Education Opinion

Making Teaching a 21st-Century Career

By Cristina Duncan Evans — January 07, 2015 4 min read
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This week’s entry comes from Grant Newman, an education consultant who partners with states, districts, and schools to develop and celebrate effective teachers. Newman has served in various leadership capacities within the New York City Department of Education and is a passionate advocate for children, having begun his career as a 3rd grade teacher at Acheivement First Bushwick Elementary School. Here, he shares his clear insights about how we can attract, develop, and keep the best teachers.

School systems are only as strong as those working within it. John King knew this during his tenure as New York State Education Commissioner, putting an intentional (and correct) focus on the quality of teachers and school leaders. As he transitions to the U.S. Department of Education, King should continue advocating for these reforms at national scale, working with states to create clear trajectories for a professional career within teaching, aligned to new generational attitudes and expectations.

According to the U.S. Department of Education, 1.6 million new teachers will be needed in the next 10 years to take the place of teachers who will retire. Below are three recommendations that build upon the progress of John King’s administration in New York to fill the upcoming human capital void across the country with the top talent of the millennial age.


State must explore methods for ending the use of traditional compensation systems, including step-and-lane salary schedules and defined-benefit retirement funds. Changes in generational attitudes about work and pay cannot be ignored; millennials (like myself) are less interested in the comfortable, consistent, routinized careers of our parent’s time. Having grown up in the age of quickly changing technology and information, we are looking for careers that allow for rapid promotions and new experiences, frequent salary increases, and the opportunity to work in many positions for multiple organizations. Lockstep compensation systems simply do not align with the interests and values of the new workforce. These structures are also not financially sufficient for individual educators nor sustainable for the system at-large. The New York Times reported in August that, "[New York] city’s pension hole just keeps getting bigger, forcing progressively more significant cutbacks in municipal programs and services every year.”

On an individual level, particularly for those farther away from retirement, rising housing costs and student loan debt are requiring young professionals to earn far more income earlier in life to reach the desirable middle class status. Deferred compensation plans simply don’t provide newer teachers with the monetary resources needed to get a steady financial footing. This may keep highly qualified candidates from entering the profession or push current teachers out of the classroom, regardless of how effective they may be. Many have written on the topic and developed alternative ideas (like allowing teachers to reach their top earning years sooner, or creating bonus opportunities for teachers that align with a district’s priorities and needs); however leadership is needed at the state level, with support of the U.S. Department of Education, to implement these reforms.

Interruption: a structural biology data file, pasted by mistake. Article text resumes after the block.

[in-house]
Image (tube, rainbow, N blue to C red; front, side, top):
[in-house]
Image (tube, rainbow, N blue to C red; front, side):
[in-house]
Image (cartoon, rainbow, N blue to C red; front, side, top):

Career Ladders

States must expand their support to districts implementing formal career ladders for teachers, including increased compensation and leadership opportunities, for those who stay in the classroom and have demonstrated consistent effectiveness for students. Great teachers need to be identified, not simply by the neatness of their classroom or years of experience, but by multiple measures that demonstrate their vast skills, expertise, and value to a school community. In recognizing these educators in meaningful ways, teaching is more likely to be perceived both by educators and the general public as a professional career worthy of increased compensation for consistent quality achievements. In implementing a clear career path such as LIFT in Washington, D.C. or Achievement First’s Teacher Career Pathway, districts can keep great teachers in the classroom while meeting the professional aspirations of the millennial generation.

Evaluation & Development

States must increase the number and type of measures included in teacher evaluation systems, including use of student and family feedback. From Instagram likes to YouTube views, millennials have grown up in an age of instant feedback. Teaching, however, remains an isolating job, with far too few opportunities for consistent, regular, criterion-based feedback. Efforts to implement teacher-evaluation systems are a healthy start in defining success for new (and veteran) teachers, but the next generation will want more feedback, more often, in order to individually assess and grow their level of impact within a school community. Incorporating feedback from students (and their families) not only makes a clear statement about the value of culturally competent partnerships, but also provides teachers with actionable, statistically valid, feedback directly from the source.

I believe Commissioner King laid tremendous groundwork for improved teaching and learning in New York State. In his role with the federal government, he should build upon that momentum by working with states to bring the teaching profession in-line with the goals and expectations of the next generation of teachers and leaders.

The opinions expressed in Connecting the Dots: Ideas and Practice in Teaching are strictly those of the author(s) and do not reflect the opinions or endorsement of Editorial Projects in Education, or any of its publications.